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Tracey Smith

Numerical Insights LLC


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Taking control of your career journey: preparing for future skills


How can employers and employees prepare for a future demand in skills, particularly when they may not even exist yet? Well, one thing’s for sure, collaboration will be key to ensure the sustainable evolution of the modern workplace.

Skill sets change over time. They always have; they always will. Assessing the impact of this is part of a strategic workforce planning assessment and the resulting actions are something which HR practitioners can actively contribute to.

We are constantly bombarded by articles predicting the number of jobs that will be replaced with automation and AI. The reaction to these predictions is widely varied. First, we see a sense of urgency around the topic of transitioning skill sets.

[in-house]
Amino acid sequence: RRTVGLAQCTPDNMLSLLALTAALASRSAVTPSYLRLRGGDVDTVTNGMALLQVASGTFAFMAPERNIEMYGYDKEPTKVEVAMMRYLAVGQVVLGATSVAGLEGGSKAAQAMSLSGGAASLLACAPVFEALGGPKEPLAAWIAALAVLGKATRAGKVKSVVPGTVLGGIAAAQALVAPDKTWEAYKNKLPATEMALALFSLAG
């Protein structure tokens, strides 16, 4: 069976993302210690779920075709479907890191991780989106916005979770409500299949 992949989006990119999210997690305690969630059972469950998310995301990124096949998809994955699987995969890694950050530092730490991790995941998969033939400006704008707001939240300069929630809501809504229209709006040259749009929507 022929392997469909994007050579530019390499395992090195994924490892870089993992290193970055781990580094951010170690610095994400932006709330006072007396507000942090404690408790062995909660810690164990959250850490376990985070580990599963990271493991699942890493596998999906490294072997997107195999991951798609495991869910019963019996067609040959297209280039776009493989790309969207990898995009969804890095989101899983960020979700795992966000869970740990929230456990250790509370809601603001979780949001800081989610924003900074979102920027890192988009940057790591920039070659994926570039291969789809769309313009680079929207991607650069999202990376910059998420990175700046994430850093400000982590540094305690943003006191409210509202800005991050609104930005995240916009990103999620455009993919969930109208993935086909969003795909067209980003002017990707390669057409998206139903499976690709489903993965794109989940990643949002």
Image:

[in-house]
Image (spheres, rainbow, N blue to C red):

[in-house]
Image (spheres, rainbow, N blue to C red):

• Which skill sets will we lose to automation and AI?
  • Can we retrain the people that will be made redundant?

The most extreme reaction I heard was during a conference call recently. The host was truly fearful that we were facing the end of humanity and that we needed to band together to brainstorm how to prevent technology from replacing jobs.

This level of panic is not warranted. A report issued by the World Economic Forum, Towards a Reskilling Revolution, concluded that “95% of the 1.4 million US workers who are expected to be displaced in the next decade can be transitioned to new positions with similar skills and higher wages.”

History repeats itself

When it comes to assessing the impact of a changing world on the workforce, those that have been in the workforce for a longer period of time have more information with which to judge the impact. When the personal computer began to infiltrate our offices, public opinion was that it would displace many workers. The impact was much smaller than the public anticipated.